Brant Bjork, Royal Thunder, Black Wizard
What happens when the drummer for several highly successful stoner-rock bands goes solo and records an album singing and playing guitar? You might assume the result is some kind of Spinal Tap-esque joke, but Brant Bjork, founding member of Kyuss and Fu Manchu, has membership in a kind of weed 'n' wah-wah brain trust. As a key part of the evolution of the genre, he knows how to keep it from getting bogged down in unmelodic ruts and, on occasion, add a little humor. Since he's from SoCal, there's a concern with partyin', never taking anything too seriously and kneeling at the altar of the '70s: "Keep keepin' gone," he preaches on "The Greeheen" from his eighth solo release, Tao of the Devil (Napalm Records), which hit the streets last September. Accompanied on tour by his Low Desert Punk Band, Bjork is heavier than thou. (BS) In the Venue, 219 S. 600 West, 7 p.m., $15, 21+


Nellie McKay
LGBTQ rights—and the fight for trans equality especially—sometimes get unfairly dismissed as asking for too much too soon. But that only makes sense if you assume that LGBTQ folks have only existed for as long as they have publicly demanded society's recognition. That's why stories such as Billy Tipton's are so important, and singer/pianist Nellie McKay tells his tale well. Tipton was a jazz bandleader in the mid-20th century who lived his public life as a man, but only after his death was discovered to have been born biologically female. Although Tipton wasn't particularly well-known during his career, A Girl Named Bill—McKay's cabaret-style show about his life—illuminates his music, career and the time in which he lived. Buy an extra ticket and take a bathroom warrior you know from the "too much too soon" crowd. Maybe they'll learn something. (Kimball Bennion) George S. & Dolores Doré Eccles Center Theater, 1750 Kearns Blvd., Park City, 7:30 p.m., $29-$79, all ages,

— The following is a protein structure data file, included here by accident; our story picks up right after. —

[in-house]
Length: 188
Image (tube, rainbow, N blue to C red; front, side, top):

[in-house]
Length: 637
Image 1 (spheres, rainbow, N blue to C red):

River Whyless, Y La Bamba
Folk band River Whyless makes a stop in Utah with a new appreciation for the wilderness just across the border. The Asheville, N.C., band spent a week last year at the Seedskadee National Wildlife Refuge in southwest Wyoming in a partnership with the federal government that produced their latest single, "Hold Me to Ya." Like any good folkie, River Whyless communicates a reverence for public land with a personal touch that eludes the trap of propaganda, a possible liability when artists team up with the feds. They even used a mason jar filled with water as an instrument to recreate the sage grouse's mating call, a natural oddity that comes from the way a male undulates his chest to impress the ladies of his species. For those not as into sage grouse, River Whyless happens to play an interesting bluegrass variation with a futurist bent that sounds great live and on their latest album, We All the Light (Roll Call). They're joined tonight by Portland indie folk-pop band Y La Bamba, touring in support of Ojos Del Sol (Tender Loving Empire). (KB) The State Room, 638 S. State, 8 p.m., $15, 21+,